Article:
A few other random observations about the 2016 election:
1. This is probably the first election in my lifetime where it seemed people went to the polls with virtually no idea what either candidate actually planned to do if elected.
Yes, they knew where Trump and Hillary stood on various issues and each other. But that’s not the same thing as offering details on an actual plan for acting on those positions. Trump went to the wire offering close to zero concrete details on his big plans for the country (“Build The Wall™ and make Mexico pay for it” does not count – that’s a catch phrase, not a plan), while Hillary had detailed plans but no one was talking about them. Everyone was talking about her emails, her pneumonia and her vast global criminal organization that only conservatives can see. If it ever came up during the debates (and I admit I didn’t watch them), the media highlights never mentioned them.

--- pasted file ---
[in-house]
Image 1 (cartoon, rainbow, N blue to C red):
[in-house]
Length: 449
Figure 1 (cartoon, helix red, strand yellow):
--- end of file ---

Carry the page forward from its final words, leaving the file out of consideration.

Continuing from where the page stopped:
I don’t remember ever encountering this before. I know lots of people who vote for trivial and self-centered reasons and don't pay attention to policy details, but at least some of them usually talk about the issues and what their candidate plans to do about them in detail, especially regarding the economy. Not this year.
2. Another strange detail about Trump’s victory is that he won in part (or perhaps mostly) because he and his supporters are under the impression that America is in the worst shape it’s ever been – or at the very least, it’s worse than it was before Obama took over the dump.
The thing is, by just about every traditional metric we typically use to judge the health of the country under a given administration, the US has actually done okay under Obama, especially when you consider the shape it was in when he first took office (i.e. two wars, an economic meltdown, double-digit unemployment and an escalating national deficit, among other things).